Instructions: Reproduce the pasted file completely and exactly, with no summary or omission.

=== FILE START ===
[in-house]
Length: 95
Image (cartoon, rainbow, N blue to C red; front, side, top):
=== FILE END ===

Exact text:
[in-house]
Length: 95
Image (cartoon, rainbow, N blue to C red; front, side, top):